Posting days: Monday, Wednesday, Friday and Saturday.
On Thursday the rainflies are here. Isis enjoys her walk hugely and is happy to trot in any direction. I stand on the end of her lead, well away from any obstacles which she might crash into. The constant twirling soon makes me dizzy. Then, I hold the end of her very long lead over my head so that I can stand still and she can continue twirling.
Thursday a.m. We play the ‘whistle game’: Six whistle calls and Isis scores 6/6, even coming to me in two of the places where she was unable to find me on Wednesday. Well done little Isis.
A few minutes later, though, when I hear her growling in the front room and I whistle her from the back room, no response. She needs to be aware that we are playing the whistle game, I think. Fair enough, it’s very early days.
Five minutes later I hear her cutting her hair in the front room. I stand in the hall close by. After several whistle blasts she comes to find me. Excellent!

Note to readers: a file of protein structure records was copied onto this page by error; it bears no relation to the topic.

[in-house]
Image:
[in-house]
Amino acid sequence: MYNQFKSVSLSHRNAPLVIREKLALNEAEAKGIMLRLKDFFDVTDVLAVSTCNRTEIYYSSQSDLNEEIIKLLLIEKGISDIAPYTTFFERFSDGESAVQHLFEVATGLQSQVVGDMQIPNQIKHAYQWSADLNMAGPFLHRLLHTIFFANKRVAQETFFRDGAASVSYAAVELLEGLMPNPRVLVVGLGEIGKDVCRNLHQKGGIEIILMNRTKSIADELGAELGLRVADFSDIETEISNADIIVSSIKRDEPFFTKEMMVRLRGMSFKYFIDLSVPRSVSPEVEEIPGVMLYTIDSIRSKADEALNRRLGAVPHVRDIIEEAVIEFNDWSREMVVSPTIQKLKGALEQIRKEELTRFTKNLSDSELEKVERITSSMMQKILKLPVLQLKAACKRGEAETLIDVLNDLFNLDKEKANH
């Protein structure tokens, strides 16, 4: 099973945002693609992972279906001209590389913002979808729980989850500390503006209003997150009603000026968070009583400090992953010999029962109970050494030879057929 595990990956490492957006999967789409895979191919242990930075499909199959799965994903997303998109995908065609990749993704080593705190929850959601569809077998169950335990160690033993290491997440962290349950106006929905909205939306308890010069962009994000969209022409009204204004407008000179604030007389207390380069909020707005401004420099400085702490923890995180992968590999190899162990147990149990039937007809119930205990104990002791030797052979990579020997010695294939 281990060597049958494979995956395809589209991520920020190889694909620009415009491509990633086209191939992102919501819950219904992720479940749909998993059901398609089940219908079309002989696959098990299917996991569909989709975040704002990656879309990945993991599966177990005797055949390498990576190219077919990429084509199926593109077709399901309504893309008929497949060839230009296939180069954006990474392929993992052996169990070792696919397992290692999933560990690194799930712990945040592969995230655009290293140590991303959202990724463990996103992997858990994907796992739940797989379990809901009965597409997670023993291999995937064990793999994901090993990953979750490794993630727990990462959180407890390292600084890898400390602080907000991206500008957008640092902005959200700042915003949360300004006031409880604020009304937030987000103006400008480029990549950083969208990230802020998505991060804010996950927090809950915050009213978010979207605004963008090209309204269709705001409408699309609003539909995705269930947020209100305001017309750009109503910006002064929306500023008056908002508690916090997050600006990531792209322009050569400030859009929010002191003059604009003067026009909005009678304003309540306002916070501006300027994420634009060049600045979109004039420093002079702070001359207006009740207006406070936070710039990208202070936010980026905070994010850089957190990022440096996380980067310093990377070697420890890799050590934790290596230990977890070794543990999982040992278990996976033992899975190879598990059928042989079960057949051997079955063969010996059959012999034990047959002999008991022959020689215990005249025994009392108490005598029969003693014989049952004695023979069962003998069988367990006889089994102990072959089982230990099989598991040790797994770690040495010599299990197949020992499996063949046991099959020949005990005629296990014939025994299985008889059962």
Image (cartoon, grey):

I try out the whistle several times when she is twirling in the garden. No response. But then, playing in the garden free from any restraint, is her favourite thing.
I have thought for a long time that Isis is unable to hear where sounds are coming from. Current observations convince me that this is so. I believe this is because only one of her ears actually registers any sound. When Gra. or Jo. whistle, she turns her head from side to side and slowly makes her way in their direction.
Although she is still largely indifferent to other dogs, this week I have noticed her giving Conchobhar, Ben and Rufus a very quick sniff. And yesterday I was amused to observe that when she came across Conchobhar and then Ben, she approached their owners for a treat.
Isis came from the Aeza cat and dog rescue and adoption centre in Aljezur, Portugal. For information about adopting an animal from the centre, contact firstname.lastname@example.org or www.dogwatchuk.com